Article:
What it is and where it is
The term "Hortus Conclusus" means a garden enclosed by walls and refers to the tradition of cloisters, places where religious people devoted themselves to meditation and prayer by getting closer to nature. The one in Benevento is also included in a monastic space, that of the Convent of San Domenico, but it is enriched with contemporary sculptures and symbolism that together create a space outside of time. The works exhibited here are the result of the genius of artist Paladino, an undisputed exponent of the Italian Transavantgarde, and accompany the visitor on a journey of discovery of the past and of self.
Why it is special
Precisely the past, is one of the keys to the narrative of Benevento's Hortus Conclusus: it starts with medieval architecture, the cloister, but also a pavement reminiscent of that of the ancient city. Symbols related to Benevento's Samnite and Lombard history, and also to myth, can be glimpsed in this environment. There are, for example, several references to battles: the most striking is a large horse placed on a wall wearing a golden mask, similar to that of Agamemnon. And here the steed, faithful companion of many soldiers, lives between history and the myth of the fall of Troy.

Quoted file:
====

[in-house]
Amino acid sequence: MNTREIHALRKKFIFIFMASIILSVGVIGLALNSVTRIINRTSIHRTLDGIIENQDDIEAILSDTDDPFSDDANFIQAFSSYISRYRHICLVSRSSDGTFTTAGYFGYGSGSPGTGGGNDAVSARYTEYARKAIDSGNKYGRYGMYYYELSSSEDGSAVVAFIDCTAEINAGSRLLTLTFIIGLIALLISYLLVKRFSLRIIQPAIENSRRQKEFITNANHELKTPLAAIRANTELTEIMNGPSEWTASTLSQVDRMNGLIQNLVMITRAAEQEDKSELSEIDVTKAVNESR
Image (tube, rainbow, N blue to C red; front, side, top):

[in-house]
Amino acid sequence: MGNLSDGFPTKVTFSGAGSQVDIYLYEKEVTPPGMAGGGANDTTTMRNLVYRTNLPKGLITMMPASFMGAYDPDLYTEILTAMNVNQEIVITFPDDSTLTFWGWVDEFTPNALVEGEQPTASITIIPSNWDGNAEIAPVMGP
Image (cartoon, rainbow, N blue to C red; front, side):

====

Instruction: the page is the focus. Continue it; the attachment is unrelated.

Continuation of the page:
Not to be missed
The symbolism of these sculptures is very complex, often multi-layered. Take, for example, the huge disk planted on the ground: it is easy to tie it to a shield, thus again an object related to war, to conflicts, yet from its top flows water, a symbol of life. Here then we begin to catch a glimpse of Paladin's grand design: history, myth, art and nature create an other space, far from everyday life, where people can free themselves from their afflictions and find peace and solace in their lives.
A bit of history
The installation was created by Mimmo Paladino in 1992 together with architect Roberto Serino, architect Pasquale Palmieri and lighting designer Filippo Cannata in one of the vegetable gardens of the Convent of San Domenico in Benevento. In 2005 the museum was fully restored under the supervision of the artist himself, the bronzes were cleaned and treated against corrosion, the greenery was cared for, and the fountains reactivated.
An inscription at the entrance to the Hortus announces it as "a work of silent magic." Perhaps this is why its invitation to embark on a personal journey of memory that serves to reevaluate the past and oneself is so powerful. We can say that Paladino's aim has been to create a place where interiority can tend toward a harmony between Man and Nature, and he does so through myth and history. His is a "message of peace."
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